Large or small cruise ship – which one is better to work on?
Many people who think about working onboard a cruise ship ask, to which ship they should send their application to. Some others have been on a cruise and think about working right there, on that very same ship.
While first impressions count, one needs to keep in mind, that when applying for a job onboard a cruise ship, this is company specific – never cruise ship specific.
Also the area where in the world one wants to work is solely up to the employer.
Transfers from one ship to another within the fleet are common and can happen within a blink of an eye.
So, how to best find a suitable company?
Ships change location, management onboard changes rather quickly – but what you can learn onboard and how stressful/relaxing, how friendly, how easy or difficult your time onboard can be, depends often on the size of the ship.
On a ship with 3000 Guests and 1500 Crew - imagine, how individual your training will be, how personal your contacts.
An employee in most cases will know his/her cabin, the crew bar, the way to the work place and to the gangway. He/she will be surrounded the most of time with his/her co-workers and also hang out with them during leisure times.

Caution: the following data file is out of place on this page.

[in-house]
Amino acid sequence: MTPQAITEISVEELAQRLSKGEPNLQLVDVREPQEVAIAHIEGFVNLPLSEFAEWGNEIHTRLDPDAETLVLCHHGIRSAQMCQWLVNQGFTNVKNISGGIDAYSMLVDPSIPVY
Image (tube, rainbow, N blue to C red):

On a ship with lesser people onboard - the chance to meet people from other departments is by far greater. The separation between crew, staff and officers is often not as strict - and one can see and learn more about the overall picture and how a cruise ship “works”.
Having worked on cruise ships with 100, 800 and 2000 guests - my preference is definitely the medium sized ones with 800 guests.
However, the most I have learned about ships and how the departments best work together was on the smallest ship - the ones with 100 guests and 75 crewmembers.
Not only does the size of the ship matter – but greatly the Passenger/Crew Ratio.
When looking for a cruise line where to apply to, my preferences are those with a 2:1 passenger to crew Ratio. Everything better than that is great. It certainly makes a difference if one has to take care of 1.5 or 2 or 3 passengers.
While the crew count on a smaller ship is very tight - and if one position is not occupied for a day, the rest of the crew will feel that - nothing beats the community and the forming of a team onboard a smaller ship.
Where to start?
If you are looking for making a career onboard a cruise ship, your choice should be for a smaller ship in the beginning. This will give you the chance to learn and understand how it all comes together.
If you are suitable for a promotion, it will happen faster onboard a small ship, than on a bigger one.
It all depends, what you would like to achieve from working onboard a cruise ship – yet in can never hurt to look at the size of the ships and the Passenger to Crew ratio.
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